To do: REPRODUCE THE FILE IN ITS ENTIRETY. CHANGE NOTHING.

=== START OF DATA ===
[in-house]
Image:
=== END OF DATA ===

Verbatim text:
[in-house]
Image: